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New education package to mark 25th anniversary of Belfast (Good Friday) Agreement


The Secretary of State for Northern Ireland, Rt Hon Chris Heaton-Harris MP, has today (Monday 19 December) announced the development of a new educational package telling the story of the Belfast (Good Friday) Agreement and Northern Ireland’s transformation over the past quarter century.


This is part of the Northern Ireland Office’s programme to mark the 25th anniversary of the landmark peace treaty.



The new education package will include lesson plans and activities for young people, and a school assembly pack suitable for all ages featuring an animated video. The optional resources will be made available to teachers, parents and youth workers across Northern Ireland and the rest of the UK next year.


The Secretary of State visited The National Archives in London to meet the historians and educators who are developing the package in conjunction with teachers and other educational experts. The forthcoming free, optional resources will explain the Belfast (Good Friday) Agreement to school children and young people in an age appropriate, factual manner.


The resources will allow them to reflect on Northern Ireland’s journey since its signing, including how Northern Ireland has moved from a period of conflict to the peace and vibrancy that it enjoys today.




As part of its work, The National Archives will create an advisory board made up of academics and teachers who have experience and understanding of the Belfast (Good Friday) Agreement, and will be working with young people in Northern Ireland who will tell Northern Ireland’s story.


Speaking after viewing an original signed copy of the Agreement and other related official records at the The National Archives, Secretary of State for Northern Ireland, Rt Hon Chris Heaton-Harris MP said:


“Peace is precious, and it’s immensely important that young people in Northern Ireland and right across the UK learn about the significance of the internationally renowned agreement.



“Young people will write the next chapter in Northern Ireland’s story and these resources will enable them to engage with the anniversary and appreciate the gains made from the Agreement.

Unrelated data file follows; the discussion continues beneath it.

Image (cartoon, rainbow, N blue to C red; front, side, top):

“The 25th anniversary of the Agreement offers a real opportunity to bring all communities together to look to the future, and consider how we can build on the remarkable progress Northern Ireland has made this past quarter century.


“I’d like to thank The National Archives, the advisory board, and young people who will be involved in this project for their dedication to telling Northern Ireland’s story over the past 25 years.”



Jeff James, Chief Executive and Keeper of The National Archives said:


“This education project offers a real opportunity to bring all communities together in partnership to look to the future. These resources will be created by people who have lived through the process for those young people who are the future of Northern Ireland.


They will have a key role in supporting and maintaining peace and prosperity in Northern Ireland, and it’s right that they learn about the Belfast (Good Friday) Agreement’s significance to their communities.


“Archives sit at the heart of our collective understanding: who we are, where we came from, and where we are going and this project illustrates the potential in archival collections to enrich our collective understanding.”



Education Minister Rt Hon Robert Halfon MP said:


“The 25th Anniversary of the signing of the Belfast (Good Friday) Agreement is significant not just in the history of Northern Ireland, but for the whole of the UK.


“This new education package is a valuable optional resource, and it is absolutely right that young people right across the UK have the chance to learn more about the Agreement and the journey towards peace and stability that Northern Ireland has made since 1998.”

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